Holiday Retail: Santa's Going Mobile

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Michigan Ross faculty explore the new retail buzz.

The changing habits of consumers and evolving retail models come into focus this time of year as the holiday sales season kicks off.

Michigan Ross faculty are keeping an eye on the new trends and see some key themes emerging:

Shopping Goes Mobile

 

Manchanda

Puneet Manchanda, professor of marketing, is an expert on marketing strategy problems in social media and the pharmaceutical, high-tech, gaming, and insurance industries. He believes there are three major holiday retail trends that we will see this year:

1. The shopping season will continue to expand, starting at the beginning of November. More stores will also remain open on Thanksgiving Day. This will ease the burden on the demand side (making it easier for shoppers to find good deals) and the supply side (inventory management and staffing pressures will be lower).

2. While electronics, toys, video games, and apparel will remain the top shopping categories, there are no clear "must have" items this year so far. Retailers will also be risk averse, discounting products that worked last year to draw traffic to stores and websites.

3. As retailer apps get better, mobile shopping will continue to grow. Consumers are also likely to be more positive about O2O (online to offline) shopping—order online and pick up offline—but retailers are going to continue to struggle to deliver a seamless O2O experience.

Li

Election Squeezes out Retailers

Jun Li, assistant professor of technology and operations, researches operations management and business analytics topics such as revenue management, pricing, consumer behavior, and economic and social networks.

“While the political campaigns were grabbing the headlines, retailers were worried about another — the holiday campaign,” she said. “The ups and downs in this election season certainly made it more difficult for retailers to buy ad space or to get holiday shopping on consumers’ minds. Now that the election is over, it offers marketers more chances to grab them. The only questions will be where, when and how?"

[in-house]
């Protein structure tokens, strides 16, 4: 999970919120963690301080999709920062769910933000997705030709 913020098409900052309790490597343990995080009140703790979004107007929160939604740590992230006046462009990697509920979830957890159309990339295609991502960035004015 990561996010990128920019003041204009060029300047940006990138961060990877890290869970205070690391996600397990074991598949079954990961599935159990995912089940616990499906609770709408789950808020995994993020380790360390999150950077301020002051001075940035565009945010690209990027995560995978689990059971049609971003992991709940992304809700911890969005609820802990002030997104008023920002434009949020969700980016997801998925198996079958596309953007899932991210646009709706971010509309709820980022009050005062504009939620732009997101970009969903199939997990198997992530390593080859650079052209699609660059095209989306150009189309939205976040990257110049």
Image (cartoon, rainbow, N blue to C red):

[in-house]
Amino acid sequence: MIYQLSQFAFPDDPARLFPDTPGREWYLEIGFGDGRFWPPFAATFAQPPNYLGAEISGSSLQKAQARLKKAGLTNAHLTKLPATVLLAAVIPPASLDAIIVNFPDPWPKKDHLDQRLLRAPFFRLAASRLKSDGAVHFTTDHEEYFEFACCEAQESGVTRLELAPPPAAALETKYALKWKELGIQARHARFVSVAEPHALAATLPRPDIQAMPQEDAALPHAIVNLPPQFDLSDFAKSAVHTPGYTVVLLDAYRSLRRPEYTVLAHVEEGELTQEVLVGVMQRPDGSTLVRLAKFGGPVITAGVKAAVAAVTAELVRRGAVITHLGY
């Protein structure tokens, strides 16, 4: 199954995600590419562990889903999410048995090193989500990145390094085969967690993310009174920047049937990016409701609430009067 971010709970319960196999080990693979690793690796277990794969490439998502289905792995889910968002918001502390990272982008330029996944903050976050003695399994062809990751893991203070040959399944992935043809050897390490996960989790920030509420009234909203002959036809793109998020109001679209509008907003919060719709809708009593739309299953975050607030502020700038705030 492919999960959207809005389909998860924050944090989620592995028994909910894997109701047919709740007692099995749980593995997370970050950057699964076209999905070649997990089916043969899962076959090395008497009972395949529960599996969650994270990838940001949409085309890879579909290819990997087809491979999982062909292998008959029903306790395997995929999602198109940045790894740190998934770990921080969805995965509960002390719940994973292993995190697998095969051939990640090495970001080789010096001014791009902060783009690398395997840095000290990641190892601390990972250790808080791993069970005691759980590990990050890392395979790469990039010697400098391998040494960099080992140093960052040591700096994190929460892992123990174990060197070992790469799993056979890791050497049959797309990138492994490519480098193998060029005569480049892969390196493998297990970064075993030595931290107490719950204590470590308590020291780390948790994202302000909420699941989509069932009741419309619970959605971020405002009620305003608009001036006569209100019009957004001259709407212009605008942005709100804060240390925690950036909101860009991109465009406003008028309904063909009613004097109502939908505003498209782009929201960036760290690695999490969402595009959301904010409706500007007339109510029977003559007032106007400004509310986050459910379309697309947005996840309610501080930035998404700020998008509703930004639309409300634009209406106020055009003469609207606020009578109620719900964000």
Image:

Tightwads vs. Spendthrifts

 

Rick

Scott Rick is an associate professor of marketing. His research focuses on understanding the emotional causes and consequences of consumer financial decision-making. He is particularly interested in understanding the behavior of extreme "tightwads" and "spendthrifts." "I do have a holiday hypothesis," he said. "I think within couples and families, where you have a lot of background information on the gift-giver's psychology, tightwads get more social credit for buying an expensive gift than spendthrifts. The intuition here is that tightwads find spending really painful, so for them to buy an expensive gift, they really had to make a psychological sacrifice. For a spendthrift gift-giver, buying an expensive gift probably caused them little distress. It wasn't much of a psychological sacrifice."

Greta Guest, Michigan News

 

Media Contact: michiganrosspr@umich.edu